The New Face of Parent Teacher Collaboration
Oct 1, 2009 Other 2403 Views
When parents get involved in the academic (and other) aspects of their child's school life, a certain kind of magic happens. A new partnership is formed between the parents, teachers and the child, and the entire schooling process takes on a richer, revitalized meaning.
More and more parents are beginning to realize that home and school are not so separate a set of concepts, after all. The message that a big number of success stories bears is simply this - such partnerships mark the turning point in a child's life. This is true academically, emotionally and in terms of all-round development.
This new breed of parents has shed the silo mentality of yesteryears and adopted the collaboration model. To be sure, it is not easy for some of them - especially the ones whose children have not been doing well at school, sometimes due to learning disabilities - have to first overcome some negative emotions. Such parents are very averse to attending local PTA meetings and interacting with their child's teachers personally. This is the result of the disappointment, anger and feelings of inadequacy, which lead to a chronic us-versus-them mentality.
With increasing parent involvement in their child's school life, new ways of helping the child do better academically rapidly emerge. The idea is for parents to generate the willingness to work in tandem with their child's school, rather than as silent and often hostile watchdogs of the school authorities. This is sometimes easier said than done - the confrontational and defensive attitudes in many parents do not go away easily. A certain 'buffering' distance is at first necessary, while at the same time opening up lines of communication between parents and teachers.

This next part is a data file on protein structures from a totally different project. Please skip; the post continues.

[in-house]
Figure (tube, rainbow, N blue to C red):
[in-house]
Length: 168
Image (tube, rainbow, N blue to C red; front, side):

Interactive portals for parents and teachers are a new method for them to communicate. The adversarial element is effectively dealt with by negating the need for face-to-face meetings at first. Later, when new levels of trust between parents and teachers have been established, these portals provide a means for them to interact, exchange valuable insights into the child's home and school life, and plan remedial measures when required.
When parents, teachers and school administrators learn to work symbiotically to address the child's academic issues, a once murky and confusing picture attains vital clarity. Often, parents lose their aggressiveness; they begin to understand that teachers and school authorities are on the same page as they are. Often, parents lack the qualities that trained educational professionals have - qualities such as a rational perspective, perseverance and patience. By the same coin, many teachers are unaware of a particular child's special problems.
Of course, interactive parent teacher portals and forums should not replace personal one-on-one interactions entirely. The final objective is a breaking down of ALL barriers, including those of distance. While online tools remain the only means for parents and teachers in thinly-spread countries like Australia and New Zealand to communicate, nothing can replace the efficacy of regular attendance of local PTA meetings and informal visits to the child's school.